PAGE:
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He quits the woods, and tries the beaten ways;
He starts, he pants, he takes the circling maze.
At length his silly head, so prized before,
Is taught his former folly to deplore ;
Whilst his strong limbs conspire to set him free,
And at one bound, he saves himself like me.

[Taking a jump through the stage door.

STANZAS

ON THE TAKING OF QUEBEC.

Amidst the clamour of exulting joys,

Which triumph forces from the patriot heart; Grief dares to mingle her soul-piercing voice,

And quells the raptures which from pleasure start.

o Wolfe, to thee a streaming flood of wo,

Sighing we pay, and think e'en conquest dear; Quebec in vain shall teach our breast to glow,

Whilst thy sad fate extorts the heart-wrung tear.

Alive, the foe thy dreadful vigour fled,

And saw thee fall with joy-pronouncing eyes : Yet they shall know thou conquerest, though dead!

Since from thy tomb a thousand heroes rise.

ON A BEAUTIFUL YOUTH,

Struck Blind by Lightning.

SURE 'twas by Providence designed

Rather in pity than in hate,
That he should be, like Cupid, blind,

To save him from Narcissus' fate.

A SONNET.

.

WEEPING, murmuring, complaining,

Lost to every gay delight;
Myra, too sincere for feigning,

Fears th' approaching bridal night.

Yet why impair thy bright perfection?

Or dim thy beauty with a tear ?
Had Myra followed my direction,

She long had wanted cause of fear.

SONG I.

From the Oratorio of the Captivity.

The wretch condemned with life to part,

Still, still on hope relies;
And every pang that rends the heart,

Bids expectation rise.

Hope, like the glimmering taper's light,

Adorns and cheers the way; And still, as darker grows the night,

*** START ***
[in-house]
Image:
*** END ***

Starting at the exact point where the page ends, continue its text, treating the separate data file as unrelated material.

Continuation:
Emits a brighter ray.

SONG II.

Intended to have been sung in the Comedy of " She

Stoops to Conquer."

Ah me! when shall I marry me?
Lovers are plenty ; but fail to relieve me;
He, fond youth ! that could carry me,
Offers to love, but means to deceive me.
But I will rally and combat the ruiner :
Not a look, nor a smile shall my passion discover.
She that gives all to the false one pursuing her,
Makes but a penitent, and loses a lover.

SONG III.

O MEMORY! thou fond deceiver,

Still importunate and’vain, To former joys recurring every

And turning all the past to pain :

Thou, like the world, the oppressed oppressing,

Thy smiles increase the wretches wo; And he who wants each other blessing,

In thee must ever find a foe.

STANZAS ON WOMAN.

WHEN lovely woman stoops to folly,
And finds, too late, that men betray,
What charm can sooth her melancholy,
What art can wash her guilt away?

The only art her guilt to cover,
To hide her shame from every eye,
To give repentance to her lover,
And wring his bosom-is, to die.

THE CLOWN'S REPLY.

JOHN TROTT was desired by two witty peers, To tell them the reason why asses had ears? « An't please you,' quoth John, “ I'm not given to

letters, Nor dare I pretend to know more than my betters, Howe'er, from this time, I shall ne'er see your graces, As I hope to be saved! without thinking on asses."

Edinburgh, 1753.

EPITAPH ON DR. PARNELL.

Tais tomb inscribed to gentle Parnell's pame,
May speak our gratitude but not his fame.
What heart but feels his sweetly-moral lay,
That leads to truth through pleasure's flowery way?
Celestial themes confessed his tuneful aid ;
And heaven that lent him genius, was repaid.
Needless to him the tribute we bestow,
The transitory breath of fame below :
More lasting rapture from his works shall rise,
While converts thank their poet in the skies.

EPITAPH ON EDWARD PURDON.*

Here lies poor Ned Purdon, from misery freed,

Who long was a bookseller's hack :
He led such a damnable life in this world,

I dont think he'll wish to come back.

* This gentleman was educated at Trinity College, Dublin ; but having wasted his patrimony, he enlisted as a foot soldier. Growing tired of that employment, he obtained his discharge, and became a scribbler in the newspapers. He translated Voltaire's Henriade.

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